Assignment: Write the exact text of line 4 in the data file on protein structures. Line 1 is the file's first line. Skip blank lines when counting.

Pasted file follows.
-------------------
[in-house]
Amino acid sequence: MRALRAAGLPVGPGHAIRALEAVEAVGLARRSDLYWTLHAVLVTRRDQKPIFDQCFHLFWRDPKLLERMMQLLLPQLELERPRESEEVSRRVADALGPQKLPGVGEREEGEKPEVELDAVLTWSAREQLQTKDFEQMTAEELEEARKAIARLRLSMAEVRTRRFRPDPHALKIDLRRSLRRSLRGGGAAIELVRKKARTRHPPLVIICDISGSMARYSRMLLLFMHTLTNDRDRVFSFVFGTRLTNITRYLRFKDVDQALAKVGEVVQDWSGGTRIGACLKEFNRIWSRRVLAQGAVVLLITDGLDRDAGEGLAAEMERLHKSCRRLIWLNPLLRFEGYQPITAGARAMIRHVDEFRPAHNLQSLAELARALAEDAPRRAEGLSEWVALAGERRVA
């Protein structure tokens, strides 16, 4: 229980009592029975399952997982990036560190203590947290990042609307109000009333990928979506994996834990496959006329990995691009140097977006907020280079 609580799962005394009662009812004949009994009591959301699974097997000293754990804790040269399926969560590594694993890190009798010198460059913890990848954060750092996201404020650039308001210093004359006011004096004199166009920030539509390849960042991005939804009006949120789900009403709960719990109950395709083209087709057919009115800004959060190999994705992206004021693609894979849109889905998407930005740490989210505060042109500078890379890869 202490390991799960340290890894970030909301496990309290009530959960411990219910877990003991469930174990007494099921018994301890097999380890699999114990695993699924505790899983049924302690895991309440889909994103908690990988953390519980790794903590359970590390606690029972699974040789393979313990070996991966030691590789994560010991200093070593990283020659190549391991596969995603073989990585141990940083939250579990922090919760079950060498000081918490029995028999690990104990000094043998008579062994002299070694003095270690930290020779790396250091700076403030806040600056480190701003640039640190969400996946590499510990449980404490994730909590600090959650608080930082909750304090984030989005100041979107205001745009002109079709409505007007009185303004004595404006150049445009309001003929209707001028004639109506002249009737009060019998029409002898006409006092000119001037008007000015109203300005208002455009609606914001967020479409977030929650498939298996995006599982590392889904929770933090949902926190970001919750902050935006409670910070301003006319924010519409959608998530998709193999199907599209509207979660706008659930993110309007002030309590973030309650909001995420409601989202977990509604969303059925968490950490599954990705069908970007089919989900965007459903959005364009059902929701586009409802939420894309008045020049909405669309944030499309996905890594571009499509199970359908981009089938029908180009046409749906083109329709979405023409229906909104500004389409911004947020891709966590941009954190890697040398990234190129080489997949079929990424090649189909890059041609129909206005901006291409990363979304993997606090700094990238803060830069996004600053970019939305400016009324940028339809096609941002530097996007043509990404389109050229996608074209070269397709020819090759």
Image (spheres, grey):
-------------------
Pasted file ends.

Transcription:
Image (spheres, grey):